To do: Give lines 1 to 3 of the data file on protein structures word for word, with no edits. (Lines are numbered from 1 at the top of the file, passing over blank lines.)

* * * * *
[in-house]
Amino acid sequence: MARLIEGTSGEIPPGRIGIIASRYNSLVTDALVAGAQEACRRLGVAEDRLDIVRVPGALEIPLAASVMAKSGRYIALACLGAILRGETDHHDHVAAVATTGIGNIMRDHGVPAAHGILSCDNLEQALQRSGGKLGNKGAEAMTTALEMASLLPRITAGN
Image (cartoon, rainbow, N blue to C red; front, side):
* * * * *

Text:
[in-house]
Amino acid sequence: MARLIEGTSGEIPPGRIGIIASRYNSLVTDALVAGAQEACRRLGVAEDRLDIVRVPGALEIPLAASVMAKSGRYIALACLGAILRGETDHHDHVAAVATTGIGNIMRDHGVPAAHGILSCDNLEQALQRSGGKLGNKGAEAMTTALEMASLLPRITAGN
Image (cartoon, rainbow, N blue to C red; front, side):